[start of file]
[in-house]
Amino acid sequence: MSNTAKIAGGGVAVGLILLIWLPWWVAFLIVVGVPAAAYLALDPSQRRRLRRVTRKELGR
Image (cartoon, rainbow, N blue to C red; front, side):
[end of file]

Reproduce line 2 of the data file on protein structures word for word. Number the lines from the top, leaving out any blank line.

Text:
Amino acid sequence: MSNTAKIAGGGVAVGLILLIWLPWWVAFLIVVGVPAAAYLALDPSQRRRLRRVTRKELGR